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The Centers of Medicaid and Medicare uses 4 Recovery Audit Contractors (RAC) to implement the National Recovery Audit Contractor Program, which is responsible for identifying overpayments and underpayments for all providers who submit Medicare Part A and Part B claims.
This CMS article provides information identifying high-dollar improper payment vulnerabilities associated with RAC reviews of skilled nursing facilities (SNF). This information is important because it can be used by providers to identify and prevent these types of problems from occurring in the future.
The Centers for Medicare and Medicaid Services (CMS) has implemented the National Recovery Audit Contractor program, which is supposed to find and prevent waste, fraud, and abuse in Medicare.
CMS contractors will analyze billing trends and patterns across Medicare Part A and Part B (which includes skilled nursing facilities and home health providers), and focus on companies whose services are higher than most providers and suppliers.
If any paid Medicare claim is found to be improper, the RAC will request repayment from the provider if an overpayment was found.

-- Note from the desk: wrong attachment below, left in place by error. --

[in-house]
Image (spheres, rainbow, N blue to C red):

In November of 2008, CMS was required to stop all work for all 4 Recovery Audit Contractor RAC programs due to protests filed with the Government Accountability Office (GAO) by 2 unsuccessful bidders.
As of Feb. 4, 2009, the protest was resolved, and the stop-work order was lifted, and CMS continues to implement the Recovery Audit Contractor program.
If you have a question on a claim reviewed by a RAC during the RAC demonstration, please e-mail CMS.
For member questions and concerns, please email LeadingAge.
In section 306 of the Medicare Prescription Drug, Improvement, and Modernization Act of 2003 (MMA), Congress directed the U.S. Department of Health and Human Services (HHS) to conduct a 3-year demonstration program using Recovery Audit Contractors (RAC) to detect improper payments in the Medicare Fee For Service (FFS) program, which includes skilled nursing facilities and home health providers.
The Recovery Audit Contractor demonstration program was designed to determine whether the use of RACs will be a cost-effective means of adding resources to ensure correct payments are being made to providers and suppliers.